The genus Sciurus includes over 30 different species around the world and 3 primary species in North America. The Western gray prefers to stay within trees in forested areas, coming to the ground only to forage. The Eastern gray is highly adaptable and prefers living around urban areas. The Fox squirrel is the largest species of the tree squirrels in North America. All of these tree squirrels are general feeders on plant materials, preferring seeds and acorns, but feeding on other plant parts including fruit when acorns or nuts are not available. They may invade agricultural lands to feed on corn and other seed crops. Dens in hollow trees are their normal nesting areas and essential for winter survival, where 1 to 2 litters per year may be raised, with 2 to 4 young per litter. They may also construct nests from twigs and leaves, and both nests may have large populations of parasites such as fleas, ticks, or mites. Where they can find access they often invade structures, where they may cause extensive damage by gnawing on wires, PVC piping, and other structural materials.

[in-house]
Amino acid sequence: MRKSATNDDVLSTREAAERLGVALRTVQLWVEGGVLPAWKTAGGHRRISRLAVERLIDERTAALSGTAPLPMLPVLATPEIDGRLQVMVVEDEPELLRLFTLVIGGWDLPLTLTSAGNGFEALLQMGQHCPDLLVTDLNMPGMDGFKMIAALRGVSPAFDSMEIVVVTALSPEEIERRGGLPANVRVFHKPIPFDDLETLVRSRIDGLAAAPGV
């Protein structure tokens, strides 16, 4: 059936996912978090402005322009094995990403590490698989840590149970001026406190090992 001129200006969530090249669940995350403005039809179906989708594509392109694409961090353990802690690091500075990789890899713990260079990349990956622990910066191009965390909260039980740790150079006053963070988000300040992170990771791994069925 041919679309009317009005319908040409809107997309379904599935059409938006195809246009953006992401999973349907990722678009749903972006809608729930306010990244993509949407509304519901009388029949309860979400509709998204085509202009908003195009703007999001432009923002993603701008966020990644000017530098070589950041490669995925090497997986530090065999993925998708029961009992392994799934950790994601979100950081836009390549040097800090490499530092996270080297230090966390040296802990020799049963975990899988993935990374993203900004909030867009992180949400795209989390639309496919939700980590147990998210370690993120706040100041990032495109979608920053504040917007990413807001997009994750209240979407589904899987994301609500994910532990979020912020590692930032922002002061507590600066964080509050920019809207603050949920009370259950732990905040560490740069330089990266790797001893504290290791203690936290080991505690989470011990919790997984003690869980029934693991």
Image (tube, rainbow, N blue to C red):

Some states classify tree squirrels as game animals and permits or licenses are required to kill them. They also may be defined as fur-bearing mammals and again the appropriate license needed for their control. Control is primarily by trapping, but knowledge of the legalities of trapping and releasing off site must be considered for your area. Exclusion to prevent their entry into structures is vital, with animals that are inside either trapped and released outside or allowed to leave on their own but prevented from returning. Kill traps may be legal, particularly for the widespread Eastern gray squirrel outside its native range.